Boyd Street Magazine November 2021

Page 1

Local Barber Organizes Street Ministry

Helping Guests

Normanite in the Spotlight

Dan Quinn

What’s Eating Norman

Yo Pablo

November 2021 • Issue 11 • Volume 20

October 9, 2021 • Cotton Bowl • Dallas, Texas • 3:01pm CT

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Features

NOVEMBER CONTENTS 2021

ISSUE 11– VOLUME 20 EDITOR-IN-CHIEF Mark Doescher

Parents Helping Parents

20 by Krystyn Richardson

MANAGING EDITOR Lindsay Cuomo

Supporting families facing substance use disorder.

PHOTOGRAPHY

Mark Doescher

CONTRIBUTORS

“Macon” It Happen

24 by Rae Lynn Payton

24

Jill Macon of Precision Grooming in Norman is on the front lines helping those in need through her street ministry.

Normanite in the Spotlight:

28 Dan Quinn

Roxanne Avery | Callie Collins Lindsay Cuomo | Kathy Hallren Shannon Hudzinski | Chelsey Kraft Bill Moakley | Rae Lynn Payton Chris Plank | Krystyn Richardson Chat Williams

ADVERTISING REPRESENTATIVES

Haley Gauley - haley@sportstalk1400.com Trevor Laffoon - trevor@sportstalk1400.com Perry Spencer - perry@sportstalk1400.com

PUBLISHER

Casey Vinyard

by Chelsey Kraft Moving to Norman to attend OU forever changed the life of “Papa” Quinn.

In Memory of RANDY LAFFOON

Merry and Bright

32 by Callie Collins

Love for Lions is making Christmas better for students in need.

The Benefits of Shopping Small

36 by Callie Collins

How local retail supports quality of life in Norman.

Boyd Street Magazine 2020 E. Alameda Norman, Oklahoma 73071 Phone: (405) 321-1400 E-mail: editor@boydstreet.com Copyright © Boyd Street Magazine

40

Any articles, artwork or graphics created by Boyd Street Magazine or its contributors are sole property of Boyd Street Magazine and cannot be reproduced for any reason without permission. Any opinions expressed in Boyd Street are not necessarily that of Boyd Street management.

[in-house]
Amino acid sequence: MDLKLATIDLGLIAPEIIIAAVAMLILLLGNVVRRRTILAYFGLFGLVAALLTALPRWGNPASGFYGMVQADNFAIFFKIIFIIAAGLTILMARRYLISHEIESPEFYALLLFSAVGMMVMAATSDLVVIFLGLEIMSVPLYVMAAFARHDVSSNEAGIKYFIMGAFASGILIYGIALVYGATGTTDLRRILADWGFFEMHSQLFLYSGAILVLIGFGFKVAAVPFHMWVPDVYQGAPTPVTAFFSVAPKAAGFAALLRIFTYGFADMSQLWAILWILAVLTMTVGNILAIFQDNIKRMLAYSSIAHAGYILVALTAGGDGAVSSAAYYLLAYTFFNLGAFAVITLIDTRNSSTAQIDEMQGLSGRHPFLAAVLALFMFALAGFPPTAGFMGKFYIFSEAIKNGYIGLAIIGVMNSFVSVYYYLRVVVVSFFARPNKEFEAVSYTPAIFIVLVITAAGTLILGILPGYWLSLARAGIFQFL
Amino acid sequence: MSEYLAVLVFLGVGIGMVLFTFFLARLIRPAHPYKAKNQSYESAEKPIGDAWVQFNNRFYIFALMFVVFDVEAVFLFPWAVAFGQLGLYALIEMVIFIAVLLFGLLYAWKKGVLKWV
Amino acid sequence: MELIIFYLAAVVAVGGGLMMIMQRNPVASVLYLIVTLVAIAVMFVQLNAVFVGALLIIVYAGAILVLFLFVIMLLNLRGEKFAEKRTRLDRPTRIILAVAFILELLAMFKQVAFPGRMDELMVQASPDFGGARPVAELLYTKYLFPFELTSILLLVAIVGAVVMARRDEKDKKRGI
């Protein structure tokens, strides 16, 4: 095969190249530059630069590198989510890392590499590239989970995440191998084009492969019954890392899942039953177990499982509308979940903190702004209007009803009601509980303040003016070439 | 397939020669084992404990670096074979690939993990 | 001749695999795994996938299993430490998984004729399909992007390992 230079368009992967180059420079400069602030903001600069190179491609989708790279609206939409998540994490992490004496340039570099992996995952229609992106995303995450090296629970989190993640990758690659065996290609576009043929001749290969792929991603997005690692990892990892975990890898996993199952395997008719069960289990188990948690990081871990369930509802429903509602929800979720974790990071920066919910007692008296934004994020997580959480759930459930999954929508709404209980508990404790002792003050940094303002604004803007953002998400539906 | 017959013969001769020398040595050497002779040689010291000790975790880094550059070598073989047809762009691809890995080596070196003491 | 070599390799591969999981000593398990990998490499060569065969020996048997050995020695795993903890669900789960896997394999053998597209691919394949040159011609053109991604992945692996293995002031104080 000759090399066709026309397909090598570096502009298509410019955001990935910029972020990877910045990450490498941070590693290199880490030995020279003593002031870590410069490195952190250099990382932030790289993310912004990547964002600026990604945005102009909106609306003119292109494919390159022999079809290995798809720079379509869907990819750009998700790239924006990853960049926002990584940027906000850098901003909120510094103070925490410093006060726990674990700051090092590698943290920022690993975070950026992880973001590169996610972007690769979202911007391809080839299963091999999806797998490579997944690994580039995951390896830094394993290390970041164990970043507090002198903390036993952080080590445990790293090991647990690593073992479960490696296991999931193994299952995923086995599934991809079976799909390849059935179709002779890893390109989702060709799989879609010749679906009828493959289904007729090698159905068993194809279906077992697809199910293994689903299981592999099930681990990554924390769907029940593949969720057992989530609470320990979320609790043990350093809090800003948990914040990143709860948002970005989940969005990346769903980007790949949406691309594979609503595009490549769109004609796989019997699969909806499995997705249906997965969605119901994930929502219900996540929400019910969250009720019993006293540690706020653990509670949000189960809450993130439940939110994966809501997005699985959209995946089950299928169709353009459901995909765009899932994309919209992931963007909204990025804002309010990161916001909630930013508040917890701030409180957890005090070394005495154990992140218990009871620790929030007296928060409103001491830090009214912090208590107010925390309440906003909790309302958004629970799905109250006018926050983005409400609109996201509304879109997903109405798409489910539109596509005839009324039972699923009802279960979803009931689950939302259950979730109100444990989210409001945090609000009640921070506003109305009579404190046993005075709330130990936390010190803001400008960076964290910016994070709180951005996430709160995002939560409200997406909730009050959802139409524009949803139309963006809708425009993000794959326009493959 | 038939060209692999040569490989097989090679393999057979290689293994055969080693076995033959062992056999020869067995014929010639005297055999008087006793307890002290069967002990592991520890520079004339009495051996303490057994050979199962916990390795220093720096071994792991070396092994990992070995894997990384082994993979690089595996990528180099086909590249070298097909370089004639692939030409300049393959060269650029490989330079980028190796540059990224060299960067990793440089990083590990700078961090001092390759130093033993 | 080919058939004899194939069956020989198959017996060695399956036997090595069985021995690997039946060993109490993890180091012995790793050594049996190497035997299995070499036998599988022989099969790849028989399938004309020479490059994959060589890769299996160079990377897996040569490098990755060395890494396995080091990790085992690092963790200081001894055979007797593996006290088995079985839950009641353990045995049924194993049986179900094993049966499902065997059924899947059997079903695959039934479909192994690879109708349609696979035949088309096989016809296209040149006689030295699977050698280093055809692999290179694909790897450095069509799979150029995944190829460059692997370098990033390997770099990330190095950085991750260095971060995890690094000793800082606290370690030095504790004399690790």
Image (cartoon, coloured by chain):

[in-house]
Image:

Spotlights

UnStinkinBelievable

40 by Chris Plank

The greatest Red River Showdown, from the field to the stands.

15 Community Calendar What’s Happening

Gift Guide

50 by Staff

Where to shop for this year’s holiday gifts.

Hudiburg Subaru Moves to 86 Norman

by Roxanne Avery Construction of the new dealership set to be completed in December.

51

Money Smarts

Norman-based financial planner pens second book for financial well-being. sportstalk1400.com

/boydstreetmagazine

by Lindsay Cuomo

66 Sgt. David Watson

Service Spotlight:

by Bill Moakley

70 Buy Now, Pay Later

The Promises and the Perils of

by Shannon Hudzinski - OUFCU

76 by Kathy Hallren - Joe’s Wines & Spirits

by Lindsay Cuomo Campus Corner’s newest eatery features a variety of tacos, spirits and ambiance.

98 by Lindsay Cuomo

What’s Eating Norman:

63 Layers of Protection

Norman Regional Hospital:

94 Yo Pablo Tacos & Tequila

Staff

Viva Espania

81 by Chat Williams - Youth Performance

94

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Training for All Ages

90 Where to Eat in Norman the DINE guide

Staff

Cover photo by: Mark Doescher


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BOYD STREET MAGAZINE | 15






COMM U N I T Y

PARENTS HELPING PARENTS

Supporting families facing substance use disorder

U

nited Way of Norman partners with 27 agencies around the Norman community to provide critical services to individuals and families. Each year, the agencies are asked to provide data and share stories to make sure the community’s donations are being spent appropriately and learn how the agencies are making a difference in our community. Parents Helping Parents, Inc. is a 501(c)(3) organization that helps advocate for and support parents whose children struggle with substance use disorder. Through several avenues, such as weekly chapter meetings, community outreach and advocacy, their mission is to provide education, resources, shared experiences and support to parents, no matter their child’s age. Parents Helping Parents began in 2001 with several parents searching for resources and support as their children battled addiction. Since, Parents Helping Parents has grown to serve families all over Kansas and Oklahoma and is the only non-profit of its kind in Oklahoma to focus its mission on parents of people with substance use disorder. They were also early to the Zoom game, establishing a virtual chapter in June 2019. This leap of faith paid off - 1,500 parents were reached by